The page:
Losing a baby is one of the hardest thing a woman must go through but you can find a way to grieve and heal.
Toolz bravely opening up on her experience has starting a necessary dialogue on miscarriage and the devastation it has on women and families involved.
Be it early or later on in pregnancy, losing a child is a cruel and unexpected turn of events which can cause irrevocable pain and often times lead to depression. If you've been struggling with infertility or have had one or more miscarriages in the past, the loss can feel especially painful.
Many women form an attachment to their baby early on in the pregnancy, particularly if they've been trying to conceive for some time. So after a miscarriage, they're likely to go through a period of mourning and possibly experience the same stages of grief that can accompany the death of a loved one
Though time and comfort are often the best healers, it helps sometimes to understand the grief and mourning process that can accompany a miscarriage, and to know what you can do to start coping with your loss.
1. Ask for help with breaking the bad news.
If you're feeling too fragile to talk about your miscarriage or don't feel up to facing others, ask a friend or a relative; somebody you trust to tell others so you don't have to discuss it.
2. Don't take hurtful comments to heart.
Many people do not realise how deep of a loss a miscarriage can be and may say things like "Don't worry, you can always try again." Although these people don't mean to be insensitive, they are just unaware of how you are feeling and can't fully comprehend your pain. Try not to let their thoughtlessness compound your pain.
3. Help others understand.
If you feel up to it, educate the important people in your life about pregnancy loss. Suggest, for instance, that they read a book on the subject or research it online in order to gain some much needed knowledge on the sensitive subject.
4. Don't apologise for your pain.
During your healing process, friends and relatives may pressure you to "move on" or "return to life as normal" but don't feel as though you need to comply until you're ready.
Your pain is a normal response to the profound loss you've suffered, and you do not have to apologise or do anything that you are not ready to do.
5. Seek support.
After a miscarriage, it may help to talk with someone who's been through the same experience, or to join a support group that meets regularly.
6. Seek professional help.
During pregnancy and after a miscarriage, a woman's hormone levels change rapidly. As a result, many women experience mood swings and/or depression.
If you're having trouble dealing with these emotions, speak with your doctor, who can refer you to a counsellor if necessary. Do not suffer in silence or hope that it will blow over.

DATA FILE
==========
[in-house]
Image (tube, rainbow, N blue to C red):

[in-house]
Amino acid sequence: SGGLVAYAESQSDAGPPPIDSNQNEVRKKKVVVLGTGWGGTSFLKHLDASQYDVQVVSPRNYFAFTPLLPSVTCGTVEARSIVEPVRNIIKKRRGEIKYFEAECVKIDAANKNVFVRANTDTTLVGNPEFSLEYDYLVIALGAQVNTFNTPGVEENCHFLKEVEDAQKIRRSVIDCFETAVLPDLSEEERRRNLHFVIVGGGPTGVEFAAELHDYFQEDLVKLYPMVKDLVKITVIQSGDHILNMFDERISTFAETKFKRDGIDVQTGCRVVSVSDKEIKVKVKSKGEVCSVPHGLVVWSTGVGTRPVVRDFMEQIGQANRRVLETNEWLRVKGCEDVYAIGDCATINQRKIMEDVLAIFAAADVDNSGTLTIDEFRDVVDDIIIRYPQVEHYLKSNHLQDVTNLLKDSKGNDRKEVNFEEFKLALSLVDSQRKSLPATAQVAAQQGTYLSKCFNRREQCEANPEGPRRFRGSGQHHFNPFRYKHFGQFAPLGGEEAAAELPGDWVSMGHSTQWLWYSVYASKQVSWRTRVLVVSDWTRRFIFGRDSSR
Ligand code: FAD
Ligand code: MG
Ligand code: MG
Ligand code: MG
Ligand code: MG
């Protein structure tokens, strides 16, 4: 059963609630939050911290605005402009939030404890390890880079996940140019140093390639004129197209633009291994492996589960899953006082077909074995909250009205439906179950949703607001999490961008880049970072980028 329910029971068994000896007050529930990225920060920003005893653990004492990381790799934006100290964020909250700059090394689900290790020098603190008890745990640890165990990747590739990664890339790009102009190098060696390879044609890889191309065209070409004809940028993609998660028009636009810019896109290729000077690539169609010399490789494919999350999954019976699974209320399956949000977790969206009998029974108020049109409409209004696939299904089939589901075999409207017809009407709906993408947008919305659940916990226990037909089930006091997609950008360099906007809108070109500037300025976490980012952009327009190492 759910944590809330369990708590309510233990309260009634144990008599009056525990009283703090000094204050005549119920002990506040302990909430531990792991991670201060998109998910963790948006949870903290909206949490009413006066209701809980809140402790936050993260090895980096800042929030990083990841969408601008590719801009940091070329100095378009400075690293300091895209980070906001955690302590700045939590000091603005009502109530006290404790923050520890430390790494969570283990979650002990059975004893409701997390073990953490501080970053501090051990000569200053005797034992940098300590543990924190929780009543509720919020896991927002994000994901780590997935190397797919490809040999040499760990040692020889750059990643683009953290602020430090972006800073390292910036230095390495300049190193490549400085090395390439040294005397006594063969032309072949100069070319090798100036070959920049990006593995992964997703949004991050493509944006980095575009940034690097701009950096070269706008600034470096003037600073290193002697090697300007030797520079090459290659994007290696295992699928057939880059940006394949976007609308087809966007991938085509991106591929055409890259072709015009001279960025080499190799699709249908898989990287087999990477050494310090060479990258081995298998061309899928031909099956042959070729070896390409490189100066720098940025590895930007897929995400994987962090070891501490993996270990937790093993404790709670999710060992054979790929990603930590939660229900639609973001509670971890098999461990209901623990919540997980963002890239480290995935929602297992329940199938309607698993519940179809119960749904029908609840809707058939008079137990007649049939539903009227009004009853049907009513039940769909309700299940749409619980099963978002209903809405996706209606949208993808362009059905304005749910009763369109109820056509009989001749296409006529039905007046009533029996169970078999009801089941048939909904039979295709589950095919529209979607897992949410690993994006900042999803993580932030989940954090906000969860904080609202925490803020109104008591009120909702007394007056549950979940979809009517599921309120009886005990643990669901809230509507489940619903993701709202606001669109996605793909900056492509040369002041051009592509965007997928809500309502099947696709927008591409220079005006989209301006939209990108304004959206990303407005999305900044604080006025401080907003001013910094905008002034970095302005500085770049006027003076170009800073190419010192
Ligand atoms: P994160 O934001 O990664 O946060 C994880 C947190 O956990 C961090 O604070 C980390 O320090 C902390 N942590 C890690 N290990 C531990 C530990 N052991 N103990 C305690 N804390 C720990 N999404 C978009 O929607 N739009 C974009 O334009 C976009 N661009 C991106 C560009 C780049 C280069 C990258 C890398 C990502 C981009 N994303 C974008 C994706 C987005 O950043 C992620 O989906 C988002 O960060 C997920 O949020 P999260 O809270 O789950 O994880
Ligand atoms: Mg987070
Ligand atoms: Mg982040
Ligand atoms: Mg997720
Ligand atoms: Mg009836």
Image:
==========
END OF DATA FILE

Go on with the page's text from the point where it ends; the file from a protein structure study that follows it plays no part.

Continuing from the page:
7. Ask for help around the house.
As you recover from a miscarriage, ask friends and relatives to help with household chores, like laundry, errands, or cooking. You will need time to physically and emotionally heal, and it can help to lighten some of your day-to-day responsibilities.
8. Be mindful of your feelings.
Immediately after a miscarriage, you may find it hard to be around friends and relatives who are pregnant or have babies. If it feels too painful to see them, give yourself permission not to visit.
Tell them that you still hold them dear, but that this is a difficult time for you and it's just too hard to see them now. True friends will understand and support you as best they can in any way that they possibly can.
9. Think about poignant anniversaries.
Anniversaries, such as the date the pregnancy was lost or the due date, may also be painful, and you may feel sadder than usual at these times.
If you need to, take the day off, attend a religious service, or mark the date in some special way. This also helps with the grieving process.
10. Consider the future.
If you and your partner have been through more than one miscarriage, you might begin thinking about how much loss you can bear.
At some point, you may need to discuss whether you want to continue trying or consider adopting a baby, or if you can feel comfortable living your life without children. You and your partner know whats best for your family so it's important that you communicate with each other.
The amount of time you were pregnant is irrelevant when it comes to the grief a woman can feel when a miscarriage happens. Never feel bad about being deeply sad, even if you only knew you were pregnant pregnant for a day or months.
Furthermore, don’t feel bad if you see things very logically and biologically and are not that deeply affected by the loss. There's no one size fits all, just ensure that whatever you feel, you go through it and not around it.
There is always a light at the end of the tunnel.